Monday, December 20, 2010
Not so for the real-life family of John Honeyman, a spy for Washington and little known hero of the Battle of Trenton during Christmas, 1776. I’m not surprised if you have never heard of John Honeyman because most contemporary historians have relegated his story to the back burner and allowed the pot to simmer a bit because cold hard evidence is lacking.
I really can’t say I blame them because I like hard cold evidence, but the Honeyman tale, if it could be substantiated, makes for great history!
John Honeyman first came to the British colonies as a soldier for Great Britain in 1758 to fight in the French and Indian War. Having shared this war many times with my young students it’s very easy to allow them to be lulled into thinking the French and Indian War was fought only by colonists. They need to remember the war in the colonies were merely an offshoot of the Seven Years War in Europe. Honeyman is a great example to use with students to exhibit the French and Indian War was not only fought by colonist but British soldiers were sent to the colonies to assist them as well. Like many soldiers though at the time, Honeyman wasn’t exactly thrilled about having to fight. It’s also a great time to emphasize that men like George Washington also fought for the British during the conflict. Many British soldiers like Honeyman decided to stay in the colonies.
While serving in the British army Honeyman was noticed by Colonel James Wolfe and eventually served as his bodyguard. When Honeyman left the army he had his discharge papers as well as a letter from Wolfe confirming his position as bodyguard.
Fastforward a bit to 1776 and at some point so the story goes Honeyman meets up with General George Washington and the British paperwork Honeyman possesses is mentioned. Washington realizes the paperwork will be helpful to allow Honeyman access to British camps and Honeyman is asked to pose as a Tory to gather intelligence for the Patriots.
The first instance regarding John Honeyman’s involvement in the Battle of Trenton was published in 1873 in an article titled 'An Unwritten Account of a Spy of Washington' in Our Home magazine. The story was written by Judge John van Dyke, a grandson of John Honeyman, using oral accounts told to him by his Aunt Jane, the daughter of John Honeyman.
The article states Honeyman did pose as a Tory in Griggstown and Trenton and apparently he was so believable in the role, he made many Patriot neighbors mad at him to the point they would attack his house. The only thing that saved the family was the fact John Honeyman had a letter of protection from General George Washington. The letter identified Honeyman as a Tory, but also requested safety for the family. The British trusted Honeyman so much that he was given the freedom to walk about the British garrison at Trenton.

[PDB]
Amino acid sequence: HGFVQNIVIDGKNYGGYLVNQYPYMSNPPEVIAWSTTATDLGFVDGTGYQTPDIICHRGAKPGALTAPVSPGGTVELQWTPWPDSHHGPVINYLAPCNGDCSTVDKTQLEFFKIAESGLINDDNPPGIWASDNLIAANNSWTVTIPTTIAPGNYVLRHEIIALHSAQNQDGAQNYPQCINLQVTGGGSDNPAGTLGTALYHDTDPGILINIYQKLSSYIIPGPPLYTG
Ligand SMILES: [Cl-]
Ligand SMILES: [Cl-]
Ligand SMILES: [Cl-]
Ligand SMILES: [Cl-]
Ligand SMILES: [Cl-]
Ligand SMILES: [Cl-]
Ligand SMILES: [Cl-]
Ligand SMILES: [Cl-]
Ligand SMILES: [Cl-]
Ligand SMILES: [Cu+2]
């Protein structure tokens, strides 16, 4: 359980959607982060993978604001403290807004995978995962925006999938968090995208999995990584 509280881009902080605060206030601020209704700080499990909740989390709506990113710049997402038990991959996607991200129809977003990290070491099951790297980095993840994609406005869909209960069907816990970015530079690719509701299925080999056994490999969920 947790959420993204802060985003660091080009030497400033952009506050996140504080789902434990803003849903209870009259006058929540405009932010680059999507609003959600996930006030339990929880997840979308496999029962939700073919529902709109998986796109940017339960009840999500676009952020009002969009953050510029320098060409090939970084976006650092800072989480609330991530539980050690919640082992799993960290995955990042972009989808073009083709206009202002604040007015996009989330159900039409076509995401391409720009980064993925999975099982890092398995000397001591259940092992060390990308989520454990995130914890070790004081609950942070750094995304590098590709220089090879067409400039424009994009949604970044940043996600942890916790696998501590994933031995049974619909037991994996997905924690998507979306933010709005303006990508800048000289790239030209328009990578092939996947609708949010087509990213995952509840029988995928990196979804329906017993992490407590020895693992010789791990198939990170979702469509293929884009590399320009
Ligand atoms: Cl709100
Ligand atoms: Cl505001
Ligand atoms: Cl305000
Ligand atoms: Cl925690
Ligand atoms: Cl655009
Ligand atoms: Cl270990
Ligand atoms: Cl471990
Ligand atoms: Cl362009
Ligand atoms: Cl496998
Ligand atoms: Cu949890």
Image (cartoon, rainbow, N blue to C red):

The story continues that just prior to the Battle of Trenton Honeyman was captured by the Patriots…..part of his plan….and he gave up his information he had gathered to Washington and his men. When a fire broke out close to where he was being held Honeyman escaped and made his way back to Trenton where he advised Colonel Johann Rall the Patriots wouldn’t attack even if they wanted to. They were demoralized and did not have the necessary equipment for an attack.
Honeyman knew better……his information was part of a great ruse since Washington was planning to attack during the Christmas holiday.
It was easy for George Washington to make the decision to attack on Christmas. While some Americans did celebrate the holiday by December, 1776, it was overlooked by many Patriots as they considered it a celebration for the British. While Christmas held more significance in 1776 than it did during the mid to late 1600s it wasn’t held in such high regard as it is today. Washington knew the British would celebrate, but knew the Hessians camped at Trenton would celebrate heartily with food, drink, and games as was the German custom. It would be the perfect time for a Patriot attack.
Washington planned Christmas surprise included taking 2400 men across the Delaware River in order to attack the Hessians camped at Trenton. One thousand enemy soldiers were taken prisoner within an hour, and the much needed victory spurred the Patriots on.
So, did John Honeyman really serve as Washington’s spy? There is no hard evidence even though many historians in the past have referred to him. Everything boils down to family lore and the Honeyman family have never produced the letter from George Washington giving the family protection. However, many in support of the story argue that Honeyman never left the colonies for Nova Scotia as most Tories did, and he was able to purchase three tracts of land following the American Revolution when most could not afford anything. Was this payment for his service?
This American Heritage article seems to support the Honeyman service while this article from the Central Intelligence Agency site does a fantastic job of negating the whole thing.
You can be the judge, but it is still a fascinating story either way.
I’ve written about Trenton and the crossing Washington and his men undertook before. You can find my articles here and here.